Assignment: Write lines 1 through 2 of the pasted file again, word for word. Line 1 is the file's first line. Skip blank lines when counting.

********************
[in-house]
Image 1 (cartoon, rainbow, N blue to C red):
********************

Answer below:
[in-house]
Image 1 (cartoon, rainbow, N blue to C red):